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Meet Akhal Tekes, The World's Most Beautiful Horses That Seem To Be Covered In Gold

Meet Akhal Tekes, The World's Most Beautiful Horses That Seem To Be Covered In Gold

Known to have a history dating back to the 6th Century B.C., the Akhal Tekes are one of the purest breeds around.

Horses are one of the most magnificent creatures known to humankind. Not only are they fast and agile they are also known to possess incredibly powerful kicks that can generate 2,000 PSI of power on average. When you're looking at some of the most ruggedly handsome horses out there, the Akhal Tekes certainly stand out among the rest - for their understated beauty.

 



 

 

In fact, they look so attractive that they can be called the supermodels of the Equestrian world, despite needing very little grooming. Don't believe us? Take one look at them, we're sure you will change your mind. Originating from the Karakum desert in Turkmenistan, the Akhal Tekes are known as one of the oldest and purest of breeds with a history dating as far back as the 6th Century B.C.

 



 

 

"While documentation of the Akhal-Teke goes back about 3,000 years, equine remains found preserved in permafrost in a southern Siberian burial site, which dates from the 6th Century B.C., are very similar to today's Akhal-Teke", says Federation Equestre Internationale.

 



 

 

The key reason behind the breed's continued existence for thousands of years is vastly due to Turkmenistan's isolation from various parts of Europe and Asia. Currently, the Teke is the national emblem of Turkmenistan and features on the country's stamps, coat of arms, and currency.

 



 

 

Besides being wonderfully pleasing on the eye, the breed is known to possess amazing stamina compared to its counterparts. According to Equine World, this was established when a group of riders embarked on a 2,600-mile endurance race from Ashgabat to Moscow in 1935.

 



 

 

The 84-day-long ride involved an Anglo-Teke, Akhal Teke, and Yomud horses and an especially gruelling 3-day, 215-mile journey across the Karakum desert with no access to water whatsoever. When they reached the final destination, however, the riders remarked that the Akhal Teke was in far better shape compared to its halfbreed competitors.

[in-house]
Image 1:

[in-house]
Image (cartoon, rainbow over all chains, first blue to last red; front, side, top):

Explaining the purpose behind Akhal Tekes, TheSprucePets said: "The nomadic tribesmen of Turkmenistan primarily used Akhal-Tekes for transportation. They selectively bred their horses for enhanced speed, stamina, and agility, which were prized qualities for raids.

 



 

Nowadays, Akhal-Tekes are used for dressage, showjumping, long-distance racing, and pleasure riding. In Russia, an Akhal-Teke is even a status symbol. The breed's positive characteristics also echo throughout the horse racing world."



 

In terms of appearance, the Teke horses have a slender build with their coats exuding a metallic sheen, owing to the distinctive nature of their hair. This very feature allows them to stand apart from other breeds.

 



 

They are most commonly seen in black, chestnut, bay, grey, bay, palomino, or cremello colors and are accentuated with black points with white markings on the face and legs.

 



 

The Tekes are also prized for their smooth, flowing gait in addition to their temperament and loyalty. In fact, many owners are said to characterize them as devoted one-person horses.



 

The population of the Akhal Teke dwindled during the '80s as the breed struggled to cope, just like everything else, around the early days of Soviet Union's collapse.

 



 

 

Currently, as many as 6,600 remnants are said to exist, most of which are in Russia while parts of Europe and the US are also said to have a few of them galloping within their borders.

 



 

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